S’no work

Tim started to make noises about needing new mittens because both his pairs of double knit mittens (essentially two layers of fabric knit at the same time) had shrunk, felted and developed holes from grabbing trees on the way up and down mountains. They were a lot of work to make because it is as if you knit four mittens per pair. I had a better idea.

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I added cuffs and darned the holes. This was much quicker with two finished projects in no time. Now I have more time to play in the snow.

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We finally had a decent snowfall yesterday and I put on my cross country skis and skied the woods next door. Every year, I make a loop track, shaking the snow off low branches and skiing initially through snow almost to me knees. Then once cut, I ski it for about an hour. No thinking about where to go, just keep skiing and the track is laid out in front of me. I think of it as my meditation labyrinth with a little exercise thrown in. I enjoy this much better than the indoor nordic track. And my new mittens held up and started to felt a bit, just the way they should.

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An afterthought

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It’s funny about mittens. They need thumbs. I am trying a new knitting technique, twined knitting, which creates a dense, thick, elastic fabric. So far I have used it with colorwork and haven’t explored all the textures you can create with it – yet.

I was so wrapped up in my twining and twisting and untwisting, I forgot to include a thumb in the second mitten.

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I didn’t want to rip back and decided to insert an “afterthought” thumb so I searched for the technique on the Internet.

Almost all the results weren’t an afterthought at all. They required you to knit waste/scrap yarn as a placeholder where you wanted the thumb when you passed by the thumb the first time. There was my problem, I never thought about it the first time as I merrily knit and twined past the where it should have been.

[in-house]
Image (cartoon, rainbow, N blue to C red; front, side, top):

I used the same technique, but instead of ripping out waste yarn, I placed the row above and below on needles and carefully snipped, from the center, the thumb stitches in between.

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My main concern was the cut ends might be too short to weave in.

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They were short, but not too short and I used a crochet hook to hide them. I can’t tell the difference.

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Now they are drying by the fireplace before being sent off to a new bird lover’s home.

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An afterthought

20130309-075147.jpg
It’s funny about mittens. They need thumbs. I am trying a new knitting technique, twined knitting, which creates a dense, thick, elastic fabric. So far I have used it with colorwork and haven’t explored all the textures you can create with it – yet.

I was so wrapped up in my twining and twisting and untwisting, I forgot to include a thumb in the second mitten.

20130309-075405.jpg
I didn’t want to rip back and decided to insert an “afterthought” thumb so I searched for the technique on the Internet.

Almost all the results weren’t an afterthought at all. They required you to knit waste/scrap yarn as a placeholder where you wanted the thumb when you passed by the thumb the first time. There was my problem, I never thought about it the first time as I merrily knit and twined past the where it should have been.

I used the same technique, but instead of ripping out waste yarn, I placed the row above and below on needles and carefully snipped, from the center, the thumb stitches in between.

20130309-074844.jpg

My main concern was the cut ends might be too short to weave in.

20130309-074935.jpg
They were short, but not too short and I used a crochet hook to hide them. I can’t tell the difference.

20130309-075027.jpg
Now they are drying by the fireplace before being sent off to a new bird lover’s home.

20130309-075715.jpg